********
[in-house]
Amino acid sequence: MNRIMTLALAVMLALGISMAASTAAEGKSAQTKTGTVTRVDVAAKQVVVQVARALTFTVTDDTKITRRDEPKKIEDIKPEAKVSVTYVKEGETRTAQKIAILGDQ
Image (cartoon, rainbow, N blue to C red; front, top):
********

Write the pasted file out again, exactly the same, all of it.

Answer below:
[in-house]
Amino acid sequence: MNRIMTLALAVMLALGISMAASTAAEGKSAQTKTGTVTRVDVAAKQVVVQVARALTFTVTDDTKITRRDEPKKIEDIKPEAKVSVTYVKEGETRTAQKIAILGDQ
Image (cartoon, rainbow, N blue to C red; front, top):